In any case, these known apparatuses have certain disadvantages. Firstly, the weights are of course constantly connected with the actuating elements when the apparatus is in use which means that during this time at least they must be supported by the frame. This constant loading of the frame evidently either results in damage--as by bending or twisting--to the frame and/or the actuating elements, or it necessitates that the frame and/or the actuating elements be given such strength as to be able to withstand such damage. In the latter case the construction of the frame and/or actuating elements is evidently more expensive than would otherwise be necessary. A further disadvantage is the fact that a change in the counterforce can be effected only by adding or removing weights, which is clearly not only time consuming but also a potential source of accidents. Aside from this, it is necessary to maintain a large number of different weights available at all times in order to assure that the apparatus can be used to its fullest potential. Finally, there is the fact that such prior art apparatus utilizing weights to supply the counterforce is inevitably very noisy, a factor which can become highly objectionable, particularly during prolonged training periods.


It is, accordingly, an object of the present invention to overcome the aforementioned disadvantages.

More particularly it is an object of the present invention to provide a physical exercise apparatus of the general type mentioned before which is not possessed of these drawbacks.

An additional object of the invention is to provide such a physical exercise apparatus which dispenses entirely with the need to use weights to produce the requisite counterforces.

A concomitant object of the present invention is to provide such an exercise apparatus which is much less noisy during operation than the apparatuses known from the prior art.

Still a further object of the invention is to provide such an apparatus which, because of the elimination of weights, does not present an accident hazard resulting from the presence of such weights.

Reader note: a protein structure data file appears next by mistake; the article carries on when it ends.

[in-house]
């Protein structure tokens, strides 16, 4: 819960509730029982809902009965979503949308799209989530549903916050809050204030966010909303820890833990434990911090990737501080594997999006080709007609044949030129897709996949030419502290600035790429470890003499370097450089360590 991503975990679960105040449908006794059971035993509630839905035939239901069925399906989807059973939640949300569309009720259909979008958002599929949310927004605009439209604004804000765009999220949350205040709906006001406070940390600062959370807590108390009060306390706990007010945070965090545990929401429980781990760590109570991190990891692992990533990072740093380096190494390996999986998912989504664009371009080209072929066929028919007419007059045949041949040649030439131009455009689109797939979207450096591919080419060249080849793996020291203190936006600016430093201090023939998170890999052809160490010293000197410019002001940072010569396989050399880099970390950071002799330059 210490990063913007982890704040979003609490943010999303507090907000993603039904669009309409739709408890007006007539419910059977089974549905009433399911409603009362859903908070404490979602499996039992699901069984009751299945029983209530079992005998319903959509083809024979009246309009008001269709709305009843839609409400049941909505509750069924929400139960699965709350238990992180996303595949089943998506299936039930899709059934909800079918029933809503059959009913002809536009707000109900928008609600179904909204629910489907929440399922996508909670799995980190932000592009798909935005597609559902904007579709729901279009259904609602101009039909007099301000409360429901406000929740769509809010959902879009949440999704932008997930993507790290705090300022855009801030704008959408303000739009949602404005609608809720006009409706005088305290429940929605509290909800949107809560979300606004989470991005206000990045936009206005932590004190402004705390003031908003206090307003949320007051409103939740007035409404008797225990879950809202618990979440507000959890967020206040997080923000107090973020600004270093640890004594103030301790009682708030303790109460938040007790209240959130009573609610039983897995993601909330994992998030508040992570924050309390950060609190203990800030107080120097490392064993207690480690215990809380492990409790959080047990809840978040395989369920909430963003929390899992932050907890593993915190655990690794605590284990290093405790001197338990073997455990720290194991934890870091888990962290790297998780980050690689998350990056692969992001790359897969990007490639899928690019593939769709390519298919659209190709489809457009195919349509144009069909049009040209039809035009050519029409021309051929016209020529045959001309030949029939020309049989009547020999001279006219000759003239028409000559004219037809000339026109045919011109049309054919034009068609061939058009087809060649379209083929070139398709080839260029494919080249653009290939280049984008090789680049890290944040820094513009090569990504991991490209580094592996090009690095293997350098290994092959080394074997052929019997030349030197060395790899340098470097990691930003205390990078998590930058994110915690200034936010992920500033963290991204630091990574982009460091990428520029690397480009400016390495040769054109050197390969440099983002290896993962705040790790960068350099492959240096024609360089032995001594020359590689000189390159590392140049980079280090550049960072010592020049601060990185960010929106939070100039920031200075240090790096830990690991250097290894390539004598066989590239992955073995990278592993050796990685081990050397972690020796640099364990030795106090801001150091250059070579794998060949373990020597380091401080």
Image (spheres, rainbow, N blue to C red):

Yet a further object of the invention is to provide such an apparatus wherein the frame and/or actuating element are not subjected to the load of weights.

Still another object of the invention is to provide such an apparatus wherein the counterforce opposed to the force applied by an athlete using the apparatus can be readily varied at the will of the user.

Yet an additional object of the invention is to provide such an apparatus wherein the athlete has the option of performing his training movements rapidly for dynamic training, as well as performing them slowly for an almost static training reminiscent of isometric exercises.

A final object of the invention is to provide such an apparatus wherein a plurality of different training stations can readily be accommodated on one and the same frame.

In pursuance of the above objects, and others which will become apparent hereafter, one feature of the invention resides in the provision of a physical exercise apparatus which, briefly stated, comprises a stationary frame and an actuating element having an engaging portion for engagement by a user. The actuating element is forcibly movable with reference to the frame from a normal inactive position to a plurality of active positions in response to the application of requisite force to the engaging portion. Opposing means is connected with the frame and the element and serves to oppose movement of the element to respective ones of the active positions with a counterforce whose magnitude is a function of the force applied to the engaging portion of the actuating element.

In certain instances, for example if the operation of the actuating element by a user simulates pushing or throwing movements, it is advantageous that the actuating element be connected with the opposing means not directly but rather indirectly via a flexible element such as a rope or the like. In such cases it may be advantageous, according to one embodiment of the invention, to pivot the opposing means to a motion-transmitting lever which is tiltably mounted on the frame and which in turn is connected with the actuating element to be tilted by the latter, for example via the aforementioned flexible element.